gst in india  


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Justification of GST
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Implementation of GST

Issues in Cement Industry

It is expected that the transition to GST would impact the cement industry due to certain issues that may need due consideration by the Central Government, and Empowered Committee and suitably addressed. In case of the cement industry, the following issues need special mention-

Value Added Tax- VAT provisions of different State’s VAT Acts have different definitions for Capital Goods and varied number of installments in which credit may be availed.

Now when the GST regime is proposed, and being deliberated upon, it is felt that the levy should be uniform and the rules/ regulations must be such that the inter - state trade and business can flow unhindered. Therefore, there should be uniformity in definition/treatment for GST across all the States.

Role of States- With proposed freedom to each State to legislate, levy and administer State GST (as announced by Finance Minister in Budget), there is a fear of it resulting in different treatment of what taxes may be subsumed in State GST. If the State Governments have still got the authority to legislate GST levy, then the very purpose of formulating GST Scheme will be defeated. It should be ensured that the State Governments should not have the authority to add any levies or surcharge beyond GST. There may be a common State GST for all States. Cement should be brought into the category of “Declared Goods”, which will ensure the same VAT throughout the country as in case of Steel, presently at 4%.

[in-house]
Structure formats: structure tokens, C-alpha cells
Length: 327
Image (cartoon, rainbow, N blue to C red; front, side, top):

Royalty/ Mining Cess- The list of taxes proposed to be subsumed in GST does not mention of Royalty/ Mining Cess. As is known, the cement industry depends heavily on limestone. It is the basic raw material and according to industry standards, about 1.5 tonnes of limestone is needed to produce 1 tonne of cement. Limestone is obtained by excavating from the mines leased out by the State Governments for which royalty is paid. There has been a recent upward revision of the Royalty on Limestone by 40% by the Ministry of Mines (up to Rs 65 per tonne ) 10 all over the country which adds to the production cost of cement substantially . Royalty should be therefore, considered as a tax to be included in GST structure to receive credit .

Fuel and Power- Electricity Duty is imposed all over the country, both on grid supply and captive power generation. The cement industry is an energy intensive industry and all its operations, from raw materials preparations till cement grinding, require huge consumption of electric power. In India, most of the cement units have their installed captive power generation facilities due to erratic grid power supplies. Industry experience suggest that around 80- 90 units of electric power is needed to produce one tonne of cement. High fuel prices increase the cost of cement production. It is worth mentioning that power and fuel cost comprises more than 50 percent of the total cost of cement production. The cost being high, it is desirable that electricity duty should also be considered as a tax/ duty to be merged with GST and eligible to receive credit against GST.

Exemptions- Exemptions have been given in Excise Duty, Sales Tax and other duties, for promoting industries in difficult areas like north eastern states, hill areas like Uttarakhand, Himachal Pradesh, J&K or Kutch region of Gujarat State after earthquake, with certain time limit for industrialization of the States.

Under the GST regime, these incentives/exemptions should not be extended beyond the time limits fixed, as otherwise this will result in cross subsidization of these areas from not only industrially forward states but also from marginal states of industry and entrepreneurs of UP, Bihar, MP, Rajasthan etc.

 

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